September 25, 2008

F1U!'s Favorite Car

The Tyrrell P34:

Okay, yes, it looks a little weird to our eyes, but there was a good concept behind it.  Since the biggest cause of drag on a F1 car is the tires, and by the rules you can't cover the tires with bodywork, just make the front tires smaller!  Brilliant!

Of course, by reducing the size of the steering tires, you lose grip.  No problem, just add another set!  Add a well-faired nose, and you've almost managed to cover the tires completely and still stay within the rules.  Now THAT'S how F1 is supposed to work.  Brake cooling was a constant problem however, and the front tires constantly distorted at high speed (being smaller than the rears, they rotated faster.  Stresses easily dealt with by the larger tires became much more pronounced in the 10" fronts).  The car also had unique steering properties... so much so that while Patrick Depailler was able to figure it out, his teammate Jody Scheckter was never comfortable behind the wheel.

In 1976, the P34 actually finished 1-2 at the Swedish Grand Prix, took 2nd at the Japanese Grand Prix in a huge rainstorm, and had some other podiums as well.  While it competed in 1977, shortly thereafter the rules were changed to define a F1 car as having four wheels, consigning the car to the ash heap of history.

Corgi released a diecast car of the P34, which I was lucky enough to own back when I was a young duckling.  Wish I knew what happened to it!

Posted by: Wonderduck at 09:47 AM | Comments (7) | Add Comment
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1 Can't say for sure, but I'm about 99% certain that the photo is from the Long Beach Grand Prix. I wasn't there in 1976 or 1977, I was there in 1979!

Posted by: madmike at September 25, 2008 10:43 AM (mV2q+)

2 I found a great site a while back with all sorts of info on the development history of that car, I'll have to see if I can find it again.  One of the interesting tidbits was that Goodyear already had its hands full, and didn't want to have to do F1 level development of a third tire size, and so was one of the stronger agitators behind the 4 wheel definition.  That lack of development support from the tire manufacturer is also listed as a big reason why the car didn't place high consistently during the seasons it ran.

Posted by: David at September 25, 2008 12:59 PM (khRGN)

3 The extra wheels aren't the only reason that car looks odd to the modern eye. There's also the lack of an air scoop!

Posted by: Steven Den Beste at September 25, 2008 05:14 PM (+rSRq)

4 David, I think you're probably thinking about the Project34 website, which I actually just discovered this morning as I was throwing this post together.  Anything you could possibly want to know about the P34, all in one place.

Steven, it's funny you should say that... the prototype of the P34 actually did have an airscoop, but sometime before the car took the track for the '76 season, it disappeared.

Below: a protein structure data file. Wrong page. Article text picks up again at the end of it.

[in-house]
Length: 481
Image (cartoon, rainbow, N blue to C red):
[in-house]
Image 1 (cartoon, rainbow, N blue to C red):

Posted by: Wonderduck at September 25, 2008 07:59 PM (AW3EJ)


After all these years, you just linked to this page again, and I visited it again.

That last picture doesn't show an airscoop. Notice that you can see the engine? What you thought was an airscoop is actually the body folded back to reveal the engine.

Posted by: Steven Den Beste at February 19, 2011 06:47 PM (+rSRq)

6 Um... I hate to disagree with you Steven, but... well... you're incorrect.  I understand why you thought that, though.  In fact, it's partially because we're not used to seeing the engines on cars racing today and partially because it's such an odd design feature.  But yet, there you are: an exposed engine with an airscoop.  The Project34 website doesn't clarify why it was designed that way, nor why the 'scoop went away, but I'm guessing there were engine overheating problems and removing the bodywork around it made life cooler.

Then there was this weird configuration used only at the P34's first race and never seen again.  Let's slowly move away and forget we ever saw that... eesh.

Posted by: Wonderduck at February 19, 2011 07:49 PM (W8Men)

7 I just went through my folder of pictures from the historic races at Laguna Seca last year, and there were at least five F1 cars from that era that had a partially covered engine. Some had air scoops, others just had bodywork running over the top of the engine but big air gaps on the side for the exhaust and presumably cooling. I suspect they were trying to get good airflow to the wing while still keeping the exhaust at reasonable temperatures.
I wasn't able to determine what they all were from my photos, but I was able to identify two as the March 76, and Lotus 77. I suspect two others were March bodies in other livery. I'll have to look up what the Shadow team was using, and whether Jagermeister was just a sponsor or what. The McLarens of a little after that era showed what seemed to be the trend, the top of the engine was exposed, but the bodywork was fully enclosed on the sides with the exhaust in ports like we see now.

Posted by: David at February 19, 2011 10:10 PM (xcVNq)

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